By: Donna Schlachter
We’ve covered a lot of ground so far as we discover the steps and craft elements needed to write a novel. However, we mustn’t relax now as we arrive at an important place in our book—writing a successful ending.
As a quick review, based on the Three-Act structure for a novel, your first act, or the opening/ hook/introduction, which comprises less than 25% of your story length, introduced your characters, setting, the problem, the lie, and the strengths and weaknesses of your hero and your villain.
Then the second act, or the middle of the story, which comprises the bulk of the book, the next 75% to 90% of the story, placed your characters into difficult situations, building in intensity, forcing them to make harder and harder decisions. You also introduced more characters and story lines, or subplots, in this part of your story.
And now you’ve arrived at the third act, where you’ll wrap up the plot lines, the character arcs, provide a satisfactory outcome (however that’s defined for the genre), and, if it’s a series, prepare the way for the next book. This third act should take up 15% to 25% of the book, but less is usually better.
One thing to remember about the three-act structure is that the first act will enable the reader to decide if they want to keep reading; the second act keeps them interested in the story and the character arc; but the third act will sell your next book. Resolving all the plot lines and questions creates a satisfying ending that gives the reader confidence that your next book will also be worth reading.
What keeps readers reading is the Big Lie, what your character believes about themselves that wounds them so deeply and makes them question themselves and make poor choices, brings tension and conflict into their arc and the story. Alluding to the Big Lie in the first act, bringing it to the forefront and having it cause all kinds of problems in the second, naturally leads to the realization of the lie and the desire to overcome that belief by taking heroic measures in the final act. These actions should be based on what we already know about the character, which you would have told us previously, including any special abilities or talents. Don’t simply spring this on your reader in the final act.
Readers want your hero and heroine to confront the Big Lie and overcome it, but the process should elevate the stakes more than ever in the final act. Their final struggle is the Climax, which should take place in the final 5% to 10% of the story, where they have to make the toughest decisions and embark on the most dangerous journey to succeed. This victory isn’t all about external action; it should also include internal conflict. And it will solidify the story’s theme.
Regardless of the genre, this confrontation and victory must happen, or the reader won’t be satisfied with the outcome. They have been rooting for your hero and heroine to change, to meet the obstacle and overcome it, and to come out better on the other side for having done so.
After the Climax, now is the time to tie up the loose ends. Make sure your hero and heroine have met their story goal, which might have changed from the beginning. If there were situations where the hero or heroine made a poor choice during their quest, now is the time to right those wrongs.
Once that is done, introduce your hero or heroine’s new normal, which should be a juxtaposition of where the story began. Show that they are different, they act different, and they’ll make different and better choices going forward.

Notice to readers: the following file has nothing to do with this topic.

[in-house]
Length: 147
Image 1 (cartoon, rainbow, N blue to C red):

Here’s a list to double-check your ending to ensure you have covered all the bases:
One you enter the final act, no new characters and no new situations should be introduced unless you foreshadowed them earlier. Your hero and heroine should serve as the primary catalysts—they drive the climax, not simply respond to it. The hero and heroine should grow and change internally, learning from their past decisions, and emerging as a better person.
You want to emotionally vest the reader in the story right from the beginning so they feel the ending through the heroism of your characters. To do that, plan the ending every bit as carefully as you’ve planned the rest of the book. Even if you’re not an outliner, make sure you’ve included all elements of a successful ending to ensure the reader wants to buy your next book. Folks love characters and settings, but it’s really the ending that they remember best. And that’s true whether they consider it a good or a bad ending. You want them to remember your book favorably.
Did you miss any installations of Producing a Novel?
Generating—and Testing—Ideas for Fiction and Non-Fiction Books – Part 1
Genre and Markets – Part 2
Building Believable Characters – Part 3
Character Sketches and Backstory – Part 4
Hooking Your Readers – Part 5
Character and Story Arc – Part 6
Outlining Your Book – Part 7
Overcoming the Muddle Middle – Part 8
Racing to the Finish – Part 9
Writing a Series – Part 10
Self-Editing – Part 11
Cover Design and Self-Publishing – Part 12
Donna Schlachter lives in Denver with her husband Patrick. As a hybrid author, she writes historical suspense under her own name, and contemporary suspense under her alter ego of Leeann Betts, and has been published more than 30 times in novellas, full-length novels, devotional books, and books on the writing craft. She is a member of American Christian Fiction Writers, Writers on the Rock, Sisters In Crime, Pikes Peak Writers, Capital Christian Writers Fellowship, and Christian Authors Network; facilitates a critique group; and teaches writing classes online and in person. Donna also ghostwrites, edits, and judges in writing contests. She loves history and research, and travels extensively for both. Donna is represented by Terrie Wolf of AKA Literary Management.